Sound & Color
Something of a British institution, Mike Oldfield's still a hard man to pin down.
For those who've not been paying enough attention these last 30 years, it might come as a surprise that Man On The Rocks is a pretty straightforward rock album, no pioneering electronics here. But Oldfield's been – largely – ploughing that furrow since the late 70s, not exactly lighting up the singles chart but keeping devoted album buyers onside.
He's fairly decent at the mature rock star thing too. What he's found here is a comfortable middle ground between The Traveling Wilburys – the slide guitar-adorned chug of Sailing; the relaxed singalong of Minutes – and U2 – those echoing chimes of guitar on Moonshine and Following The Angels. When he lets go, screaming and soloing on the closing minutes of Castaway, he even takes a leaf out of Queen's book, coming on like a terrifying amalgam of Freddie Mercury and Brian May.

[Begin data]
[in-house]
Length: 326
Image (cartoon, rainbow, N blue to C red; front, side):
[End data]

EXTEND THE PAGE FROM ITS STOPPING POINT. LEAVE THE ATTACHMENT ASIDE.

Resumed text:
There's an absence of anything truly challenging – only Chariots betrays signs of Oldfield's experimental past in its synths and crunching industrial beats – but Man On The Rocks has more than enough vitality for an elder statesman. Maybe it'll get some attention.